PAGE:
Despite a limited travel schedule, I set out on the long and varied journey to Emden, built to spend a day and a half with Alice because it’s been 8 years and she is important to me. As I get older, I more heavily realize the importance of key people in my life, and how it keeps getting harder to stay connected while proverbially adulting. It is still beyond me how so many years have passed and I didn’t even realize it until we sat on the couch and did the math together. This globe sure spins fast sometimes.
I go to work at 6am to try and cram all of my projects in by 11am in order to leave early to drive from the Oakland Coliseum area to San Francisco International Airport. I hadn’t been able to find a reasonable flight from Oakland Airport, 5 minutes from the office, to Springfield, Illinois during Thanksgiving. It didn’t help that I was too busy to properly shop this flight in the first place, so flying out of SFO ended up being the best I could do with the time and budget I had.
Before setting out I kept second guessing the time I had allotted for the drive to the airport, concerned that I’d underestimated any complications and potentially miss my flight. I would only have an hour to complete the commute and make it comfortably to my gate. My housemate had recommended that I skip driving altogether and take BART, but that was estimating an hour and a half with a few too many transfers for me to have confidence that I wouldn’t make an error with my novelty to Bay Area public transportation, plus I couldn’t leave work that early anyway. Google Maps claimed 45 minutes to the lot but with it being the day before Thanksgiving I knew that could swerve at any moment.
Fate appeared to be with me as I hit very little traffic and made record time. I discovered the SpotHero app the night before so I was able to secure parking in advance at nearly a 3rd of the going rate. We got a nice windy rainstorm thrown in to the scenario so crossing the Dumbarton Bridge with limited visibility slowed everyone greatly. Miraculously I still made it to the lot in 35 minutes and breathed a sigh of relief.
My relaxing state was short lived as I fought with the barcode scanner for 10 minutes before finally calling tech support. I had researched to ensure that this app was valid, and saw it got a thumbs up from Forbes and other renowned tech and business outfits so it caught me off guard to be hitting this snag. The free minutes I’d gained on the commute were quickly slipping away and my anxiety increased as I saw the shuttle I intended to be on drive past me to exit the lot, as I realized that I had no idea how often it ran, or how long it would take before I figured out how to get into this damn pre-paid parking situation.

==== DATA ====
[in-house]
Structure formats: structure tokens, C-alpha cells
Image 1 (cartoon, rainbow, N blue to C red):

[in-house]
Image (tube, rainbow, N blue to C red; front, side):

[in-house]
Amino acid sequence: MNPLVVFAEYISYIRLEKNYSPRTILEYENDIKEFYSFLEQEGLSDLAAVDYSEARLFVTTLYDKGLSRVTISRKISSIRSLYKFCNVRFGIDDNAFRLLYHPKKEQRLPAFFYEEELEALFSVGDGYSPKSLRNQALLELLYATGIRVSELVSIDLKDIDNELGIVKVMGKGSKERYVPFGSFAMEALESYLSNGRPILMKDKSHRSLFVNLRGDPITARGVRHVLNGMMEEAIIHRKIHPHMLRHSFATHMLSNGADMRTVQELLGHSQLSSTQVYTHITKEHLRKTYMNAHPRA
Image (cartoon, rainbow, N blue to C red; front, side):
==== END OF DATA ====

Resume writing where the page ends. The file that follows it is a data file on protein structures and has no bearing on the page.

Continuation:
Luckily, tech support was spot on. There was another machine that had signs all over it warning “Do Not Take Ticket If PrePaid Online”. Peyton assures me, despite the signage, I should take a ticket so I can make my flight and we’ll get the barcode snafu figured out when I return from my trip. As I go to retrieve the ticket I see a help button as well, which she encourages me to engage, and the voice on the other side nonchalantly reports, “Yea that machine always gets weird when it rains”. He confirms the plan to take a ticket and figure it out on the return. Tech in the rain, go figure!
While waiting for the shuttle I have the pleasure of helping the next two people stuck at the gate with my newfound knowledge. The shuttle finally arrives after about 20 minutes and we’re off to the races. I will never stop praising my Global Entry card, especially in moments like this. In airports of any size I am at my departure gate in a matter of minutes with my shoes, toiletries, and electronics remaining exactly where I originally placed them. Magic.
After an hour drive, a finagling of parking, and my first flight under my belt, I change planes from a sardine stuffed Boeing 777, to a scarcely populated puddle jumper landing me in Springfield, Illinois. Upon arrival, Alice and her sister Marie pick me up for another hour drive to their little country town.
Even though it’s 11pm by the time we near her home, it doesn’t stop Alice from giving me a local tour of Hartsburg to show me her school house and the local sites of her youth. It is a literal school house, the likes of which I’ve only seen in western movies, and I feel transported in time. Next, we drop off Marie and then arrive at Alice’s where we gab on the couch past both of our usual bedtimes. By now it’s been 10 hours since I began my journey, but the time change would have you believe 12 hours if you look at a local clock, and Alice has some stunning antique clocks in her home. I can’t stop staring at how beautifully intricate every detail is. It’s been so long since I’ve seen her that I don’t want to miss a moment in her congenial presence, but our eyelids put up a fight and we call it day.
We sleep until our hearts content the next morning and enjoy tea and toast as we slowly come to. It’s Thanksgiving day but we accidentally miss most of the televised Macy’s Thanksgiving Day Parade, instead catching up with the stories of the past near decade. It’s already 3:15pm by the time we realize we’re about to have company and better get the food going. The doorbell rings.
Alice is a self made woman and at 76 years young she still doesn’t need a thing from anyone. She seemingly effortlessly handles the entire meal while I get to know her sister, brother-in-law, and his son. She finally accepts my pleas to help and lets me carry the finished dishes to the dining table.